A critical role of the mechanosensor PIEZO1 in glucose-induced insulin secretion in pancreatic β-cells.
Ye Y., Barghouth M., Dou H., Luan C., Wang Y., Karagiannopoulos A., Jiang X., Krus U., Fex M., Zhang Q., Eliasson L., Rorsman P., Zhang E., Renström E.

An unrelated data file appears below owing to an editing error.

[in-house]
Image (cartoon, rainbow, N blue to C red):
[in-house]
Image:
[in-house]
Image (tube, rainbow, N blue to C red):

Glucose-induced insulin secretion depends on β-cell electrical activity. Inhibition of ATP-regulated potassium (KATP) channels is a key event in this process. However, KATP channel closure alone is not sufficient to induce β-cell electrical activity; activation of a depolarizing membrane current is also required. Here we examine the role of the mechanosensor ion channel PIEZO1 in this process. Yoda1, a specific PIEZO1 agonist, activates a small membrane current and thereby triggers β-cell electrical activity with resultant stimulation of Ca2+-influx and insulin secretion. Conversely, the PIEZO1 antagonist GsMTx4 reduces glucose-induced Ca2+-signaling, electrical activity and insulin secretion. Yet, PIEZO1 expression is elevated in islets from human donors with type-2 diabetes (T2D) and a rodent T2D model (db/db mouse), in which insulin secretion is reduced. This paradox is resolved by our finding that PIEZO1 translocates from the plasmalemma into the nucleus (where it cannot influence the membrane potential of the β-cell) under experimental conditions emulating T2D (high glucose culture). β-cell-specific Piezo1-knockout mice show impaired glucose tolerance in vivo and reduced glucose-induced insulin secretion, β-cell electrical activity and Ca2+ elevation in vitro. These results implicate mechanotransduction and activation of PIEZO1, via intracellular accumulation of glucose metabolites, as an important physiological regulator of insulin secretion.